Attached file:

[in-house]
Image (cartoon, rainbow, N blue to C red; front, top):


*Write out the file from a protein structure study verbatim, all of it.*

[in-house]
Image (cartoon, rainbow, N blue to C red; front, top):